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How Runts Were a Product of Willy Wonka's Corporate Imagination

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The movie Willy Wonka & the Chocolate Factory did more than give kids nearly two hours of pure imagination—it launched a candy brand that’s produced unusual, scrumdiddilyumptious sweets like Runts.

In 1969, director Mel Stuart was given a lofty request from his daughter—turning her dogeared copy of Charlie and the Chocolate Factory into a vivid, full-scale production. Stuart jumped on the idea, and he paid his daughter a $50 reward, plus a one-line spot in the film.

Stuart teamed up with film producer David Wolper to bring the idea to the big screen, but the two knew that the eccentric script idea would need strong financial backing. Wolper approached Quaker Oats with the idea of financing the film, and the food company snapped up the offer with intentions of a product spin-off—candy bars. (Stuart later called this deal one of the first and "most revolutionary of the product tie-ins that would become standard with studio movies.”)

But, Quaker Oats may have landed a rough deal, because its chocolate bar project never made it to retailers. The oatmeal empire paid $3 million for Willy Wonka & the Chocolate Factory, but it could never nail down a perfect chocolate recipe for its candy bar. However, so as not to completely miss out on the candy bar craze after the film’s launch in 1971, Quaker Oats did market a kit for homemade chocolates.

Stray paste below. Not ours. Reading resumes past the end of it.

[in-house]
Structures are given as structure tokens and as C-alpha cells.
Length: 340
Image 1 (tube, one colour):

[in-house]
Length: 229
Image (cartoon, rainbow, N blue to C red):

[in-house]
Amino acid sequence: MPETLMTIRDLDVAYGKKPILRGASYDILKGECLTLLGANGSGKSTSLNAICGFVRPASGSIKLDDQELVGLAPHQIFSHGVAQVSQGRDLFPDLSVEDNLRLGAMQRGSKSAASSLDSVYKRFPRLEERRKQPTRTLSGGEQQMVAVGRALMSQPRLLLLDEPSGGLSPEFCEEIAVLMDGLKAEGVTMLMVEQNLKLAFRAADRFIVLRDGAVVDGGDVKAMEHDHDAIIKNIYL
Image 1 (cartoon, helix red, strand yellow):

Quaker Oats utilized its Chicago-based candy company, Breaker Confections, to roll out two other candies around the film’s release under the Willy Wonka brand: Peanut Butter Oompas (peanut butter and chocolate drops covered in candy) and the Peanut Butter Super Skrunch (a peanut butter and crisp rice bar).

With some success under its belt, the Willy Wonka brand took advantage of its fictional namesake’s quirks and began rolling out never-before seen candies, like Laffy Taffy and Everlasting Gobstoppers.

By 1980, Breaker Confections officially took on the Willy Wonka Candy Company name. Two years later, it launched Runts: small, fruit-shaped candy in five flavors: cherry, strawberry, orange, lime and banana.